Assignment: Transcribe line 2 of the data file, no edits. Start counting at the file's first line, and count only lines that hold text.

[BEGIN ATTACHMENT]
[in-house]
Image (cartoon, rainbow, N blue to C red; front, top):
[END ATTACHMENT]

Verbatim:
Image (cartoon, rainbow, N blue to C red; front, top):